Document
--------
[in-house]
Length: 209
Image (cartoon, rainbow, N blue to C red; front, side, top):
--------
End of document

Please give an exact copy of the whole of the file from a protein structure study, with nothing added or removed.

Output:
[in-house]
Length: 209
Image (cartoon, rainbow, N blue to C red; front, side, top):